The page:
Texan resident Judy Obregon never expected that a turn down an access road would spin her life about 180 degrees. But what began as a drive around Fort Worth’s Echo Lake quickly turned into a life mission.
“I was driving down the service road, and I spotted a stray,” she told Inside Edition. Soon after, she noticed another feral dog.
Unbeknown to Obregon, she had stumbled into a notorious abandonment area, a place where countless people went to slough off unwanted pets. The sheer magnitude of the problem didn’t deter her, though.
She spent a week gaining the trust of that first stray, and she eventually managed to take it home with her and get it fostered. That effort drew the attention of others.
“People in the area started coming up to me about other dogs that they’d seen,” she said. “They gave me locations of dogs that had been dumped.”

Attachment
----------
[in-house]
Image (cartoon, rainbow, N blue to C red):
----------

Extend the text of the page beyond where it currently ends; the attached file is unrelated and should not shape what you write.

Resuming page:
Those were the beginnings of The Abandoned Ones, a rescue shelter that seeks to save the most seemingly hopeless canines. So far she has rescued and rehomed over 200 animals.
“I save and rescue animals from rural areas, areas known for dog-fighting, and I also rescue chained-up animals that are left outside completely neglected,” she told The Dallas Morning News in 2011. “I know I can’t save them all, but trying won’t hurt.”
Her hopeful outlook masks a depressing reality. Many dogs die long before Obregon ever gets to them, and some face debilitating injuries.
One case involved a German shepherd with a rear leg that had been amputated by a shotgun blast. Obregon spoke with the owners, convinced them to let her have the animal, and got medical care for it.
In 2016, she drove around Echo Lake yet another time and discovered a flea-bitten, skeletally thin female pit bull. Not long after, she found that dog’s puppy, which had also been abandoned.
“My heart is for the voiceless,” she explains. “Animals can’t speak, so we are all they have.”